If you’ve been following Restavek Freedom for a while, you know we have a deep love for Haiti. We love traveling to Haiti. We love learning about Haiti’s culture and history. We love contributing to the communities and economy of Haiti. We love building relationships with the people of Haiti.
We could go on and on about how awesome the country and people of Haiti are, and we are not alone. There are countless other organizations and people who share with us in our passion for this country. In fact, there are people who care so much for the country of Haiti that they actually ‘wrote the book on it.’
Whether the authors of these books had the desire to preserve the culture that has been formed in Haiti, or felt led to share the stories of people who have built their lives around giving Haiti access to healthcare, or were compelled to shed light on tumultuous times in Haiti’s history, they each had something in common: A passion and burden for the country and people of Haiti.
Here are four books about Haiti, written by people who love it as much as we do.
1. The Rainy Season by Amy Wilentz
In The Rainy Season, Amy Wilentz uses personal stories and her own journeys in Haiti to describe the changing political, physical, and socioeconomic landscapes in the country. The Rainy Season was written after the fall of Jean-Claude ‘Baby Doc’ Duvalier, under whose presidency hundreds of thousands of Haitians were tortured, killed, or chose to flee the country to escape his regime. Wilentz’s firsthand account may provide new insight and information on Haiti that many outsiders have yet to discover.
2. Mountains Beyond Mountains by Tracy Kidder
In Mountains Beyond Mountains, author Tracy Kidder describes the life of American physician Paul Farmer and his work to fight tuberculosis in developing countries, especially in Haiti. Kidder met Farmer on a flight back to the U.S. from Haiti, where she learned about his story and his humanitarian efforts to provide healthcare to impoverished, rural areas. Kidder loved the doctor’s story so much, she felt compelled to write a biography on his life and efforts.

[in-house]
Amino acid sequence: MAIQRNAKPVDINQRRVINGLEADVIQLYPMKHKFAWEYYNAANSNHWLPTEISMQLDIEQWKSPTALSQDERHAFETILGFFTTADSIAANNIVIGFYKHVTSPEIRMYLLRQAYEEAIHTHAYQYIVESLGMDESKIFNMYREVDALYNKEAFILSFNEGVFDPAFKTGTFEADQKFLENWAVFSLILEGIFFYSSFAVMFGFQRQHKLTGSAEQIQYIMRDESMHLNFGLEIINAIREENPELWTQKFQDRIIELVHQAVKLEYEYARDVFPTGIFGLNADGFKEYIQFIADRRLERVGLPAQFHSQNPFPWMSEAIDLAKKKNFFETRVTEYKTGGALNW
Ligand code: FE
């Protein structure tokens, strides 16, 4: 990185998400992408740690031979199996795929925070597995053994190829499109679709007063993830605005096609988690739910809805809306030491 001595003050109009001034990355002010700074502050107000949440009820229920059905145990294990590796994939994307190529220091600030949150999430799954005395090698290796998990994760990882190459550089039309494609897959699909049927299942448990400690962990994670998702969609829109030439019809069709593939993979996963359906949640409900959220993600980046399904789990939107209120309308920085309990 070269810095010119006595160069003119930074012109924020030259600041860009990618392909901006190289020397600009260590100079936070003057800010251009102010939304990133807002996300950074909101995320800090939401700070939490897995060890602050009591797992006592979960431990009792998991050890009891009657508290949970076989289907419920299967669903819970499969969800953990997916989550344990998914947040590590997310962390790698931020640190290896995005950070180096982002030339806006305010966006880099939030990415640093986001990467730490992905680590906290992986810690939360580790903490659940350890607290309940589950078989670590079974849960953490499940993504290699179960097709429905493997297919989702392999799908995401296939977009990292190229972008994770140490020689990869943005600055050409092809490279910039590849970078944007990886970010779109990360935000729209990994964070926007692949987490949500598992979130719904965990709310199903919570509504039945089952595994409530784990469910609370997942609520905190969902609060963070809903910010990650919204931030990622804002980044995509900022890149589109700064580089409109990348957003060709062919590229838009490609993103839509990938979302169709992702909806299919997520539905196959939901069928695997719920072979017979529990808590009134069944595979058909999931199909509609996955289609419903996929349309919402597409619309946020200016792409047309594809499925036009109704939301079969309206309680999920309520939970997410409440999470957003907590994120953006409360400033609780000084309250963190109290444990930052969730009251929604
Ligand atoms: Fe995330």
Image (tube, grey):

3. The Comedians by Graham Greene
The Comedians is a fictional story that takes place when Haiti was under the leadership of dictator François ‘Papa Doc’ Duvalier, father of ‘Baby Doc.’ Greene communicates the story of political oppression from Duvalier and his secret police, known as the Tonton Macoute. Although the main characters and protagonist in The Comedians are works of fiction, the stories of torture and terrorism the book describes are an all-too-real part of Haiti’s history. The Comedians has also been adapted into a feature film, released just one year after the novel was published.
4. Hold Tight, Don’t Let Go: A Novel of Haiti by Laura Rose Wagner
When a massive earthquake strikes Haiti, Magdalie Jean-Baptiste and her cousin, Nadine, are left without their mother or their home to protect them. The girls, both sixteen years old, have no choice but to live with their uncle in a makeshift camp in Port-au-Prince. Hold Tightfollows the journey of these young women as they navigate life after such an intense natural disaster. Wagner’s hope is that her portrayal of these fictional teenagers will show their dedication to reaping more out of life than living in constant despair, as was true for so many Haitians who lived through the devastating earthquake of 2010.
● Stripping Bare the Body: Politics Violence War by Mark Danner.
● Toussaint Louverture By Madison Smartt Bell.
This is not an exhaustive list by any means, and of course we had to add some honorable mentions. There are just too many wonderful books to choose from. If you have a chance, be sure to add some or all of these books to your reading list.